How are you measuring those speeds?

–Peter

2 x USB 3, 1 x USB-C, Gigabit ethernet.

I recommend https://speed.cloudflare.com/ for measuring speed and latency.

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Arindam, I am not saying that is what you are reading, what I am saying that it is impossible. You can’t speed up the internet speed by putting an adapter and usb port onto it. The “True” speed is what is actually coming out of your ethernet port on your router from your ethernet cable.

Andy

Your provider chokes your speed from the port you are coming out of on their equipment. The speed can’t be any faster than the port you come out of. Think of it as a water faucet. When you turn the faucet on so water is flowing out of it at the maximum rate you can’t put a hose on the faucet and then hook something to the hose to make more water come out.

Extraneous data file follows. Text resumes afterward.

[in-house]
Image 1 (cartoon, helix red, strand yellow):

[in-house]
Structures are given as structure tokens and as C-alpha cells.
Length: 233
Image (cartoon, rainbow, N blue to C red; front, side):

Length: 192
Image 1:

Andy

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I was surprised a few weeks ago when I found my limiting factor was the ethernet cable. I changed and in the process went from a Cat6 to a Cat5. Lowered my download from 370 Mbps to under 90. At that point, I did sort through my cables and ditched anything that was not Cat6 or better.

If somebody wants to measure their bandwidth, I suggest SpeedTest. They have apps for for computers and hand held devices. Also they have an internet version at SpeedTest.net And there is another internet one I commonly use at SpeedOf.me

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Andy,

I’m not saying that I’m speeding up the stream of bits and bytes. I’m saying that a fire hydrant of a stream was available to me that I wasn’t taking advantage of, and I
didn’t even know was available until I stumbled onto it.